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His Name is Not México, Cabrón!

Updated: 5 days ago

I saw a Facebook post from someone I know and whom I respect that infuriated me. This person is in academia and he holds a somewhat high ranking position in administration at a private university. The post really bothered me and brought up an issue I have with some of my people, Dominicans.

In his post, my “friend” was lamenting the death of a deli worker due to Covid19. It was the first death of a person he knew. He said he saw him all the time and that he worked in that deli for 24 years. He was a very hardworking man and he made the best sandwiches for him. He called him México! No name, no last name, México. Reading that made me angry and reminded me of the many times I, undocumented immigrants, immigrants of color, students of color, women of color, LGBTQ people of color, and anyone who is in the margins of a community, has been erased. Even though it may not be the case for this man, his anonymity made me think of the unclaimed bodies buried in Hart Island, most likely bodies whose families are in other countries and have absolutely no idea they have died.


I have heard many Dominicans call Mexican bodega workers, Mexican restaurant workers, Mexican day laborers, and Mexican street vendors, México, instead of their name. I have only heard it being used with men. I have never heard a Mexican woman being called that. Customers and even employers (as in Dominican bodegas or restaurants) completely erase the person’s name and give them this generic epithet that erases their humanity, the person. Whenever I hear it I make it a point to ask for their name. Most of the times I have asked the “callers”, they don’t know the worker’s name or give me a hard time to answer, as if I am intruding or metiéndome en lo que no me importa. I then ask the worker for his name, pa’joder. And they always and gladly have told me their names. I find it to be very dismissive and disrespectful not to use someone’s name or the name they want to be called.


I believe there is an underlying feeling of superiority when someone decides to change someone else’s name. When I was younger and new to this country, many people would try to change my name and give me a nickname. I never allowed it. I hate nicknames for public spaces. I love my name. Very few close friends or family members have given me nicknames. And those I love. Son una muestra de amor, completely the opposite of this practice in public spaces or with people you are meeting for the first time.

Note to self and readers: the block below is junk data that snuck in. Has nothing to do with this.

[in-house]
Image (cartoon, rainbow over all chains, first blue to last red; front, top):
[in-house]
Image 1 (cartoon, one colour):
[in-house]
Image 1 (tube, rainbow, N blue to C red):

I know names are very important in Dominican and in most, if not all, Hispanic households. It is one of the colonizing legacies Spain has left us in Latin America. There are a lot of Dominicans who love tracing back their lineage to “La madre Patria” if not to a famous family in their town. Family names are important; therefore, for someone to erase a person, a person’s name and that person’s family history, she or he must assume some power. I believe those who do it, consciously or not, regard this person as less important than themselves. These situations generally happen under socio-economic circumstances where Dominicans feel they hold a little more power. They are the bodega owners; they are the ones buying the flowers or the fruits.


I know many Dominicans in New York City call themselves plátano or mangú, but it is never used to replace their names; it is to enhance their Dominican identity as a collective. If they were to replace their names with plátano, there would be hundreds of thousands answering to that name in the city. Also, they call themselves that. If any non-Dominican tries to use it as a form of insult, to insinuate that the person is campesino or bruto, all hell breaks loose.


I know this offensive practice of erasing the person doesn’t only happen in Dominican spaces. We are familiar with Asians stereotypically being called “Chinos” by many other ethnic groups. Actually, my “friend” is not Dominican. He is Latino, but not from my island. I am sure he didn’t mean to portray any negative feelings in his post. I am sure he wanted to honor him, show his love and sadness at the moment, but it goes to show some of the unconscious bias we all carry. We can’t ignore people, erase them. In this case, this Mexican man, like millions of others, has no name. He is dead and he has no name. Please, refer to people by the name they choose to be called. We have to say their names.


Here is a poem:


¡Su nombre no es México, Cabrón!

Eres un pinche profesor.

¿Cómo es que nunca le preguntaste

si te hacía todos los días tu café y tu sándwich?

¿Cómo es que ahora lo vas a reconocer

porque de su muerte te enteraste?


¡Su nombre no es México, Cabrón!

Verguenza debiera darte.

Podrías haberle bautizado con un Juan de Dios

Jesus

Miguel Angel

para grabarlo en la lápida común donde lo enterraste

esa que tú ni nadie, jamás, una visita va a darle.


¡Su nombre no es México, Cabrón!

No te preguntas si vendrá alguien a reclamar su cadáver

¿Cómo se enterarán sus hijos, sus padres?

¿Descansará alguna vez su espíritu errante?

O es que crees que porque no tiene nombre

porque es nomás un inmigrante

su cuerpo tampoco tiene alma

con derecho a honrarse, a recordarse, a nombrarse.

Yoseli Castillo Fuertes, born in La Vega, D.R. in 1972, migrated to the United States at the age of 16. She holds a BA in Psychology and an MA in Spanish Literature. She is a bilingual-Afro-Dominican-Latina-lesbian-poet-activist-teacher-aunt-foster mom. She is a Cave Canem alumnus. Her poems and short stories have appeared in various anthologies and online magazines in New York, Buenos Aires, Madrid and Santo Domingo. Her self published book De eso sí se habla / Of That, I speak is available at cyoseli@yahoo.com. @yoseliescribe https://www.facebook.com/yoselicastillofuertes/?ref=bookmarks



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